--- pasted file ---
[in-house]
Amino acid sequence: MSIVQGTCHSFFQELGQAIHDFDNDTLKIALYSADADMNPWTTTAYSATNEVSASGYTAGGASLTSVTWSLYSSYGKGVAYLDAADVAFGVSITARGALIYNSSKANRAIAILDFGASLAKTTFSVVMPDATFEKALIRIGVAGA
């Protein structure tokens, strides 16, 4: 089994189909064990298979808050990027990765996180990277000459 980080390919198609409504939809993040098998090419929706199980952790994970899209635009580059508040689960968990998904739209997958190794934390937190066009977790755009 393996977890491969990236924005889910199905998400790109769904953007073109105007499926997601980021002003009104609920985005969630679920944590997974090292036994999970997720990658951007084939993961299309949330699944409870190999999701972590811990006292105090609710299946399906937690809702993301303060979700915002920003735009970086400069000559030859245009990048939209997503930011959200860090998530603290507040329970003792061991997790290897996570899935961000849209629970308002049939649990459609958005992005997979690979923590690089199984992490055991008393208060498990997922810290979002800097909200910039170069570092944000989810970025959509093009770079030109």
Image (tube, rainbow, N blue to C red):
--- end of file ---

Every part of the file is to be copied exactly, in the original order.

[in-house]
Amino acid sequence: MSIVQGTCHSFFQELGQAIHDFDNDTLKIALYSADADMNPWTTTAYSATNEVSASGYTAGGASLTSVTWSLYSSYGKGVAYLDAADVAFGVSITARGALIYNSSKANRAIAILDFGASLAKTTFSVVMPDATFEKALIRIGVAGA
């Protein structure tokens, strides 16, 4: 089994189909064990298979808050990027990765996180990277000459 980080390919198609409504939809993040098998090419929706199980952790994970899209635009580059508040689960968990998904739209997958190794934390937190066009977790755009 393996977890491969990236924005889910199905998400790109769904953007073109105007499926997601980021002003009104609920985005969630679920944590997974090292036994999970997720990658951007084939993961299309949330699944409870190999999701972590811990006292105090609710299946399906937690809702993301303060979700915002920003735009970086400069000559030859245009990048939209997503930011959200860090998530603290507040329970003792061991997790290897996570899935961000849209629970308002049939649990459609958005992005997979690979923590690089199984992490055991008393208060498990997922810290979002800097909200910039170069570092944000989810970025959509093009770079030109």
Image (tube, rainbow, N blue to C red):